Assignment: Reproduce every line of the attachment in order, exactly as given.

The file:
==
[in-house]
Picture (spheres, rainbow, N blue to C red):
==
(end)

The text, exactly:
[in-house]
Picture (spheres, rainbow, N blue to C red):